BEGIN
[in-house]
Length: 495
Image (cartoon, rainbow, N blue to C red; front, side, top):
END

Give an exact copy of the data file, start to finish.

[in-house]
Length: 495
Image (cartoon, rainbow, N blue to C red; front, side, top):